BISHKEK (Reuters) - A Kyrgyz court jailed a prominent opposition politician on corruption charges on Monday, a move his supporters said was part of a politically motivated crackdown by President Almazbek Atambayev.
The court ordered Omurbek Tekebayev to be detained for two months pending trial, a day before Russian President Vladimir Putin visits the Central Asian former Soviet republic, which hosts a Russian airbase.
Kyrgyzstan holds presidential elections on Nov. 19 in which Atambayev is barred from running. Tekebayev, whose supporters plan to nominate him as a candidate, is one of the president's most outspoken critics.
- All of these celebrities have had their nudes leaked 35 Pictures
- PHOTOS: Apple Emoji update includes a llama, skateboard and some bagel drama 24 Pictures
The state security service detained 58-year-old Tekebayev, who leads the Ata Meken (Fatherland) party's parliamentary faction, on Sunday after the prosecutor general's office alleged he took a $1 million bribe from a Russian businessman in 2010.
Then a senior member of an interim government, Tekebayev promised the man he would be able to take over a local telecommunications company, prosecutors said, citing the Russian businessman's testimony.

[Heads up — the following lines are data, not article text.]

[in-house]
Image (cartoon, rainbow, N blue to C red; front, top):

Tekebayev's allies said he denied any wrongdoing.
A few hundred Tekebayev supporters have rallied in the capital Bishkek since Sunday, protests that a second Ata Meken lawmaker, Kanybek Imanaliyev, said would continue.
While Atambayev cannot serve another term as president, constitutional amendments passed in a referendum that was orchestrated by his backers in parliament have significantly increased the powers of the prime minister.
That role would be open to Atambayev, though he has denied planning to seek it.
Atambayev, who took office in 2011, has drawn Kyrgyzstan closer into Russia's orbit, shutting down a U.S. airbase and joining the Moscow-led Eurasian Economic Union, a post-Soviet trade bloc.
Putin is due to visit Bishkek on Tuesday as part of a regional tour.
Both Atambayev's predecessors were toppled by violent riots.
(Reporting by Olga Dzyubenko; Writing by Olzhas Auyezov; editing by John Stonestreet)